TB antibody

TST: 

Tuberculin skin test

WHO: 

World Health Organization

Declarations

Acknowledgements

The authors would like to thank Prof. Stijn van der Veen for critical reading of the manuscript. We gratefully acknowledge the contribution of all health staff.

Funding

This work was supported by Grants from the National Natural Sciences Foundation of China (81271893), the Natural Science Foundation of Zhejiang Province (LY12H19002), and Zhejiang Provincial Program for the Cultivation of High-level Innovative Health Talents, the Scientific Research Foundation of the Education Department of Zhejiang Province (Y201534356), the Natural Science Foundation of Zhejiang Medical College (2014B01) and Visiting Engineer Program of the Education Department of Zhejiang Province.

Availability of data and materials

The datasets supporting the findings of this paper are included in the paper.

Authors’ contributions

JL and LY were responsible for the initial study concept. YJ and SA all contributed to the study design. WZ carried out the data collection. JJ conducted the thematic analysis. FX drafted the initial paper with input from all authors. WL edited the initial paper. The remaining authors critically reviewed it and made revisions. All authors read and approved the final manuscript.

Ethics approval and consent to participate

This work has obtained the approval from the Research Ethics Committee of Hangzhou Medical College. The approval numbers are 2013–002 and 2011–011. The serum specimens used in this study have been allowed to collect from TB patients. Written informed consents have been obtained from the participants. We also have obtained the written informed consents from the guardians on behalf of the minors/children enrolled in our study.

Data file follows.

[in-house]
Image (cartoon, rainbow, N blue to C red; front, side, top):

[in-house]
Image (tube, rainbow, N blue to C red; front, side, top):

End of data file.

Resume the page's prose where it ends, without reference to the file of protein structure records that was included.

Consent for publication

Not applicable.

Competing interests

The authors declare that they have no competing interests.

Open AccessThis article is distributed under the terms of the Creative Commons Attribution 4.0 International License (http://creativecommons.org/licenses/by/4.0/), which permits unrestricted use, distribution, and reproduction in any medium, provided you give appropriate credit to the original author(s) and the source, provide a link to the Creative Commons license, and indicate if changes were made. The Creative Commons Public Domain Dedication waiver (http://creativecommons.org/publicdomain/zero/1.0/) applies to the data made available in this article, unless otherwise stated.

Authors’ Affiliations

(1)
Department of Basic Medicine, Hangzhou Medical College
(2)
School of Laboratory Medical Science and Life Science, Wenzhou Medical University
(3)
Zhejiang Blood Center
(4)
Division of Basic Medical Microbiology, State Key Laboratory for Diagnosis and Treatment of Infectious Diseases, First Affiliated Hospital of Zhejiang University
(5)
Department of Medical Microbiology and Parasitology, College of Medicine, Zhejiang University

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Copyright

© The Author(s). 2017